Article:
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I'm trying to load test a Java server by opening a large number of socket connections to the server, authenticating, closing the connection, then repeating. My app runs great for awhile but eventually I get:

java.net.BindException: Address already in use: connect

According to documentation I read, the reason for this is that closed sockets still occupy the local address assigned to them for a period of time after close() was called. This is OS dependent but can be on the order of minutes. I tried calling setReuseAddress(true) on the socket with the hopes that its address would be reusable immediately after close() was called. Unfortunately this doesn't seem to be the case.

My code for socket creation is:

Socket socket = new Socket();
socket.setReuseAddress(true);
socket.connect(new InetSocketAddress(m_host, m_port));

But I still get this error:

java.net.BindException: Address already in use: connect after awhile.

Is there any other way to accomplish what I'm trying to do? I would like to for instance: open 100 sockets, close them all, open 200 sockets, close them all, open 300, etc. up to a max of 2000 or so sockets.

Any help would be greatly appreciated!

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21

You are exhausing the space of outbound ports by opening that many outbound sockets within the TIME_WAIT period of two minutes. The first question you should ask yourself is does this represent a realistic load test at all? Is a real client really going to do that? If not, you just need to revise your testing methodology.

BTW SO_LINGER is the number of seconds the application will wait during close() for data to be flushed. It is normally zero. The port will hang around for the TIME_WAIT interval anyway if this is the end that issued the close. This is not the same thing. It is possible to abuse the SO_LINGER option to patch the problem. However that will also cause exceptional behaviour at the peer and again this is not the purpose of a test.

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  • You are correct in that no real client will be opening that many connections. In my application, real clients will only open 1 TCP connection to the server. What I'm trying to do is simulate real clients and I would like to have as many simulated clients running on the same machine as possible. – bradforj287 Jan 17 '11 at 1:54
  • Your response helped me too! :-) Something I would like to add up here is that if you use the setSoLinger() method, it causes problems for the already connected peers and they sometimes get disconnected too! Don't really know what's causing this behavior but it took me a good 45 mins to figure it out! – Maghoumi Feb 6 '11 at 16:19
  • @M2X SO_LINGER off is the default, which causes close() to behave as we all now and love. If you set it 'on' and with a zero timeout, it causes close() and shutdown() to issue a reset instead of a proper close. I didn't even want to mention this because it is such an undesirable behaviour. If there are any valid reasons to mess around with SO_LINGER in a normal TCP/IP application I have yet to encounter them ... in nearly thirty years. – user207421 Oct 6 '17 at 4:02
  • So the kernel re-assigns sockets even though they're still in TIME_WAIT state? – rogerdpack Oct 11 '18 at 20:20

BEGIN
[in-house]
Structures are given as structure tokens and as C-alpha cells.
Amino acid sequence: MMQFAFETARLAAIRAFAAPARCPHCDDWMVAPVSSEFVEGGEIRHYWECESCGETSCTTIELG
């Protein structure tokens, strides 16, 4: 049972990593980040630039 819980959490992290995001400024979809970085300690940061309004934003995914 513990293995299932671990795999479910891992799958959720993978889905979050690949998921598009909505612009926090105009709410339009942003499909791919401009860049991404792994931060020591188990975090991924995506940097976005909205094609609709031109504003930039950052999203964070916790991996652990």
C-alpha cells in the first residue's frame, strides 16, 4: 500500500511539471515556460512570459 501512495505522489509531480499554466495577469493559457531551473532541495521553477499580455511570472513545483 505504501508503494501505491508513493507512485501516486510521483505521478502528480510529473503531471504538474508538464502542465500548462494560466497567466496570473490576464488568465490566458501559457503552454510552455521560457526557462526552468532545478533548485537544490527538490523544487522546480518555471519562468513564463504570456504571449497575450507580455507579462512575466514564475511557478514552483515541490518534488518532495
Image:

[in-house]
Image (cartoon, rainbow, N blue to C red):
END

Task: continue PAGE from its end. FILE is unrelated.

• @rogerdpack 'Reassigns sockets' is meaningless. There is no such operation. I have no idea what you are asking here. – user207421 Jun 4 '19 at 10:51
1

Not using bind() but setReuseAddress(true) is just weird, I hope you do understand the implications of setReuseAddress (and the point of). 100-2000 is not a great number of sockets to open, however the server you are attempting to connect to (since it looks the same addr/port pair), may just drop them w/ a normal backlog of 50.

Edit: if you need to open multiple sockets quickly (ermm port scan?), I'd very strongly recommend using NIO and connect()/finishConnect() + Selector. Opening 1000 sockets in the same thread is just plain slow. Forgot you may need finishConnect() either way in your code.

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I think that you should plan on the port you want to use to connect to be in use. By that I mean try to connect using the given port. If the connect fails (or in your case throws an exception), try to open the connection using the next port number.

Try wrapping the connect statement in a try/catch.

Here's some pseudo-code that conveys what I think will work:

portNumber = x //where x is the first port number you will try
numConnections = 200 // or however many connections you want to open
while(numConnections > 0){
    try{
        connect(host, portNumber)
        numConnections--
    }catch(){}
    portNumber++
}

This code doesn't cover corner cases such as "what happens when all ports are in use?"

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  • 1
    This doesn't make any sense. He is trying to connect to a service that is listening at a fixed port number, not one that can be incremented, and his problem is the local port space, not the remote port space. – user207421 May 7 '12 at 4:28
  • something like this might help, if you're truly desperate: got a problem with that port still being in use? Try again! :) – rogerdpack Oct 11 '18 at 19:33
  • @rogerdpack It would only help if you didn't know the target port, and if you don't know that you don't know nothing. The code presented here is a port scanner, not in any sense a conventional TCP client. This answer has nothing to do with the question that was asked, whatsoever. – user207421 Jun 4 '19 at 10:53

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